Do Liverpool really need Andy Carroll? He’s a big, strong England striker with his whole career ahead of him and a great goal-scoring record I hear you say. But what’s the other side of the argument? Here are five reasons why Liverpool would be better off leaving the cheque book unopened and the Geordie in Newcastle.
1. The Price
If Newcastle won’t accept £23m for a striker with just half a decent season in the Premier League to his name, then Liverpool should not be held to ransom. Talk of £30m is way over the odds when you consider his unproven record and his off-field problems. The usually shrewd Daniel Levy looks to have shied away from the perennial problem of inflated prices for British talent, while Liverpool’s new owners would have to be Abramovich-esque in their generosity to stump up £23m for Suarez and £30m for Carroll in the just a matter of days, leaving any potential income from the Torres transfer spent before it’s arrived.
2. The Not-so-Private Life
If you’re paying a figure around £30m for a player, you need to know he’s a dedicated professional, focused on his career. One of the main reasons football managers are such admirers of Paul Scholes, aside from his playing skill, is because he’s the archetypal professional. Trains hard, keeps his head down, avoids the limelight and just gets on with his game. Carroll carries himself rather differently; with multiple charges of assault already to his name, a judge insisting he move in with his club captain and a flaming Range Rover in the drive, Carroll’s personal indiscipline would make him a disaster waiting to happen in the limelight of Liverpool or London.
Yes Carroll has done well this season in the league, but half a season as first choice striker should not a British record equalling transfer potentially make. Carroll performed well in the Championship last season, but form in the second tier cannot be used as a reason for a transfer of this magnitude. Experience counts and unfortunately for Newcastle, Carroll’s status as a relative rookie does not go in his club’s favour when it comes to demanding huge sums for his services from the likes of Liverpool and Spurs.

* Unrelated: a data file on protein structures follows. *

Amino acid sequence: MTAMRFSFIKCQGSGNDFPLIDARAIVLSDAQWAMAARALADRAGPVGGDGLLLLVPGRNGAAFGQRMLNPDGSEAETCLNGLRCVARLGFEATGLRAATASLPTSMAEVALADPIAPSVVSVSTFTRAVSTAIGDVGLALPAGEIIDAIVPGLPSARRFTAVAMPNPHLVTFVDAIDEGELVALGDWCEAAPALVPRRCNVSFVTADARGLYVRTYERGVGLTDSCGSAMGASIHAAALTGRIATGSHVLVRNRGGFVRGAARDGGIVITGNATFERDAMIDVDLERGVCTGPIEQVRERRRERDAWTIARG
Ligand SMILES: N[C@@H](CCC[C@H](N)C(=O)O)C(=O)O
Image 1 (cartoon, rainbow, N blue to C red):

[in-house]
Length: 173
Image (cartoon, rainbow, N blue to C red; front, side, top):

4. Don’t Need Him
Form is temporary. For Tottenham the lack of goals from their strikers is only in the league, with decent efforts in the cups (yesterday excluded), and everybody knows how lethal Defoe can be when he hits form. Crouch may have been poor so far in the league, but the goals he’s set up for others, particularly Van der Vaart should be taken into account. Equally, Pavlyuchenko has done well in the games he’s played and his finishing is often outstanding. The forwards may appear to be struggling, but strikers are hugely affected by confidence and as we know, often when one goes in, a flood of goals will follow. Maybe Spurs should be patient and back the strikers they already have. As for Liverpool, they’ve just spent £23m on Suarez, an amazing prospect with a fantastic goal-scoring record and a hunger to succeed; set him free in a 4-3-3 with Kuyt and Cole either side.
5. Panic Buy
Despite the increasingly popular fashion for deadline day dealings, the rush of forcing through a signing at the end of the window smacks of desperation and rash decision-making. Rafael Van der Vaart’s signing for Tottenham in August is an exception because a) the player was of proven international quality & b) it was an extraordinarily good deal financially; buying Carroll for £30m fulfils neither condition. Instead of frantically paying over the odds for the sake of a January addition, Liverpool should wait until the summer, bide their time and choose the right striker for the right price, not the perhaps striker for the wrong price.
Agree? Disagree? Happy? Furious? Let me know, follow me on Twitter: @stuartcfootball
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